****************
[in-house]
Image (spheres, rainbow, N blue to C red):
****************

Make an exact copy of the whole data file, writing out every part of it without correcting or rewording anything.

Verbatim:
[in-house]
Image (spheres, rainbow, N blue to C red):